Jane Mooney, a volunteer physician assistant with the Benevolent Specialists Project, attempts to squeeze an extra Moderna COVID-19 vaccine dose out of a vial during a free vaccination clinic on March, 9, 2021, at Life Center in Madison, Wis. The Hmong Institute ran the clinic, which targeted Hmong and Southeast Asian adults 65 and older. Moderna vials are labeled as containing 10 doses, Mooney says, but vaccinators can often retrieve one or two additional doses. Forty people initially signed up to receive shots at the clinic, but nurses squeezed 10 extra doses out of vials, allowing people on a waiting list to receive shots. Credit: Coburn Dukehart / Wisconsin Watch

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Wisconsin vaccine providers reported 2,247 wasted or spoiled doses of COVID-19 vaccine through February, state Department of Health Services records show. That’s less than 0.16% of the more than 1.4 million vaccine doses administered statewide during that same period. 

The figures track waste only from providers receiving doses from the state — excluding the Indian Health Service, Veterans Administration, Department of Corrections and other providers that report data directly to the federal government. 

Wisconsin Watch obtained the data through a public records request. DHS did not immediately provide information about the reasons vaccine doses were wasted.

Providers at 167 sites reported losing at least one dose through February, with a median loss of five doses per site.

Ajay Sethi, a public health and infectious disease epidemiology researcher at the University of Wisconsin-Madison, called those figures impressive.

“We’re talking two months of vaccinating,” he said. “Five as a median, that’s like nothing.”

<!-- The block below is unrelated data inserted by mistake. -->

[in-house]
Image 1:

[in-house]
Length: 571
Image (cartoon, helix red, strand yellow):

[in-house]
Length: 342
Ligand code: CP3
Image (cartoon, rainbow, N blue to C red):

Wisconsin’s biggest reported incident of waste, according to DHS: An Aurora Medical Center pharmacist in Grafton intentionally spoiled more than 500 Moderna vaccine doses on Dec. 24 and Dec. 25. That episode accounted for 22% of reported vaccine losses statewide. 

Click on the image above to see Wisconsin DHS COVID-19 vaccine data, which is updated daily.

Steven R. Brandenburg, 46, pleaded guilty in U.S. District Court for the Eastern District of Wisconsin in January to two counts of attempting to tamper with a consumer product with reckless disregard for the safety of others after admitting that he removed the doses from a refrigerator. The U.S. Department of Justice says that on Dec. 26, 57 patients received vaccinations from the batch, which may have been rendered inert or dangerous. 

Aurora Medical Center reported losing 518 doses that week, along with four additional doses two weeks later — its only losses through February, according to DHS.   

According to his plea agreement, Brandenburg ascribed to various “conspiracy theories” and was skeptical of “vaccines in general and the Moderna vaccine specifically.” He has not yet been sentenced.

Other Advocate Aurora Health facilities sit near the top of Wisconsin’s list for wasted or spoiled doses — with many of the losses earlier in the vaccination rollout. Those include: Aurora BayCare Medical Center in Green Bay (191 doses), Aurora St. Luke’s Medical Center Covid Clinic in Milwaukee (102 doses), Aurora Medical Center Hartford in Washington County (52 doses).    

“Since the isolated incident at Grafton in December and like many other providers who experienced early challenges extracting a sixth dose from Pfizer vials, we’ve significantly improved our efficiency,” Advocate Aurora Health told Wisconsin Watch in an emailed statement.

Advocate Aurora Health facilities have administered more than 138,000 COVID-19 vaccine doses in Wisconsin, according to the statement, which added: “We’ve also implemented a program to review unused doses daily and ensure safeguards to minimize waste.”

Providers elsewhere also reported lost doses, including 140 at HSHS St. Nicholas Hospital in Sheboygan. That happened overnight on Feb. 8 when someone unintentionally left 28 vials of Pfizer’s COVID-19 vaccine outside of a refrigerator, a spokesperson said in an emailed statement.